The Workmen’s Club
The building of the club began in 1884 and it was opened in January 1885 simply as a Reading Room, in which capacity it proved a failure, and on 16 June 1886 it was opened as a proper club. Next door to where the Workmen’s Club was built had been the Crown Inn, later Crown Cottage,and there was also at that time another inn, called the Three Daggers, in the village. By the 1880s though both of these had gone.
The Club was intended as a place for the men to go in the evenings to keep them away from the fleshpots of the many public houses in Theale or the Thatcher’s Arms at North Street. “In the public house there a risk of noise, bad company and excess of drink, dangers which the Committee hope to avoid in the social gatherings in the Club” as the Rector put it. Nevertheless it was not a Temperance House and although ginger beer, made by Mr Claydon, and squash were sold, so was whisky, gin, rum, brandy and beer as well as cigars and tobacco. A range of games and entertainments was provided for the members. The Club President was, of course, Mr Benyon who gave free use of the premises, with the Rector and Caretaker as other ex officio committee members. The remaining members of the committee were elected annually.
The Club originally consisted of a single large room with living accommodation for the caretaker attached. In 1892 the porch was added and in 1894 the Billiard Room was built at right angles to the main clubroom, across the school playground. The bar cellar was the small flat-roofed, single-storey addition built into the angle between the main Club room and the caretaker’s house and service was through a hatch in the wall between it and the clubroom. This may not have been added until 1895 when it is known that the matching extension to house the Post Office was built. A further, much needed, extension to the caretaker’s accommodation was added in 1909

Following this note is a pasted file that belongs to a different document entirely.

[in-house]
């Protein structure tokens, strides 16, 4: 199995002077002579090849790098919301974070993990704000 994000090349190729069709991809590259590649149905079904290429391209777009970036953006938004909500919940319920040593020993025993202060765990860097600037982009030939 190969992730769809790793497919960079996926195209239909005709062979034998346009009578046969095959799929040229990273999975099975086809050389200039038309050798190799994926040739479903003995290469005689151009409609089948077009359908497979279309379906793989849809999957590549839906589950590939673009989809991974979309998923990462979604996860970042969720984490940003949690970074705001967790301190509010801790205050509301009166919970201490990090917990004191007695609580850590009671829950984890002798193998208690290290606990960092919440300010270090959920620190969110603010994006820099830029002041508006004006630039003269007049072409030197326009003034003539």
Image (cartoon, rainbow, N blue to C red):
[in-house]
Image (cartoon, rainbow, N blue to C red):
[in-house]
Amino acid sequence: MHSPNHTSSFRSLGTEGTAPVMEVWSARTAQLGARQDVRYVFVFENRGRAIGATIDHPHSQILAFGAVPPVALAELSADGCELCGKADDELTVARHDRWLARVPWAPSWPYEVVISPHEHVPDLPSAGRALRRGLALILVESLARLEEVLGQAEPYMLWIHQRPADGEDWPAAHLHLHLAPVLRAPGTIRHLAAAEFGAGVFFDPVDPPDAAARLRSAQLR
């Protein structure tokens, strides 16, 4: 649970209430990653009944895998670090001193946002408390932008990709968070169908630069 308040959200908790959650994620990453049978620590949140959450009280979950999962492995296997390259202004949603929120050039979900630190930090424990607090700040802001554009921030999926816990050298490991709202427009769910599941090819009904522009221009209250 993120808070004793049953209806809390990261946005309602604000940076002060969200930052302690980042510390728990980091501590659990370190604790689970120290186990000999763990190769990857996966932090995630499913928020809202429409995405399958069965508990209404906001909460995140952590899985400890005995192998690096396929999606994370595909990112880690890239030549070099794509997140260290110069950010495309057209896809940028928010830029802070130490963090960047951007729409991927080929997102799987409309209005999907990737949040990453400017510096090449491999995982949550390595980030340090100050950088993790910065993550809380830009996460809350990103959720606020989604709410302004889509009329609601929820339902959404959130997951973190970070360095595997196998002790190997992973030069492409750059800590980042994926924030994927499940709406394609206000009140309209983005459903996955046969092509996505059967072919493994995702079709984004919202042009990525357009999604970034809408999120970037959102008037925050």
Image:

The Steward’s accommodation comprised a living room and kitchen on the ground floor and three bedrooms upstairs. The living room was known as the “Committee Room” and initially used for meetings of the Committee. A further downstairs living room and a large larder, with a bedroom above, were added later. The standard of accommodation was probably normal for the 1880s when it was built but remained little improved for the next 80 years.
After its unsuccessful opening as a reading room and conversion to a social club a range of games and entertainments were provided for the members. Games such as bagatelle, cribbage and darts were available as well as snooker and billiards, and games tournaments against neighbouring villages were frequently played. Whist drives were a regular feature in the 1950s.
The billiard table was installed in early 1895 and first game (of “50-up”) was played between the Secretary (A E Robinson, the Schoolmaster) and the Caretaker on 5 March that year. A raised dais ran along the west wall of the billiard room with a long settle for spectators and those awaiting their turn to play. Players were allocated half an hour for a charge of twopence.